About this blog

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Wales, United Kingdom
In autumn 2010, my husband Ian and I both quit our jobs, sold our house and left the flatlands of the east for the mountains of Wales. Our goal is to create a more self-sufficient lifestyle in a place we actually like living. Whilst Ian will continue to earn some money as a freelancer, my part of the project is to reduce how much we spend by growing and making as much of what we need as possible. The purpose of this blog is to keep friends updated with how the grand project is progressing, but all are welcome here. If you're not a friend already, well perhaps you might become one.

Friday, 10 May 2013

Foraged Food Friday: Vetch

I've always been fond of the pretty little sweet-pea flowers of vetch.

Several varieties of vetch

More recently I've learnt that it can be used as a green manure as, in common with other legumes, it fixes nitrogen from the air and so enriches the soil. For this use, it seems to be known as tares.

However, neither of these valuable attributes are the point of this blog post. As you've probably guessed by now, vetch is also edible. I believe you can eat the immature seeds, just like peas, but they're tiny and really not worth the bother. I've tried eating the pods, but the lining is very tough and scratchy, so I wouldn't bother eating that bit either. No, the part I eat is the young leaves (which are also edible in garden peas).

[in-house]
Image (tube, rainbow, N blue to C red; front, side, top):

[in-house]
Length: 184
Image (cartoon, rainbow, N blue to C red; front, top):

Young vetch shoots.

You do have to watch out for ants when picking these.

Ants are often found in the folds of the youngest leaves, which are the most tender

I've found that the purple-flowered variety has broader, softer leaves than the other colours. Luckily, this is the kind I have most of in my garden. They can be eaten raw but I usually steam them for five minutes or so, as I would for any other leafy vegetable. They taste somewhat like peas and are definitely worth harvesting, especially as they're so abundant. So, vigorous to the point of invasive, pretty flowers, tasty leaves (and seeds if you can be bothered) and they're good for the soil. What's not to like?

Also harvesting this week
Ground elder
Tulip petals
Dandelion flowers (to dry for tea, as well as eating immediately)
Wild garlic
Rose bay willow herb stems
Mint (yay, it must be summer!)

Also drinking
Blackcurrant cordial
Heather ale

Foraged food challenge summary page here.


  1. Hmmm... somehow, I think flowers that pretty deserve a nicer name than "vetch!"

    1. Haha, I never thought about how ugly the name sounds!

  2. Bracken, that's ferns right? What for?


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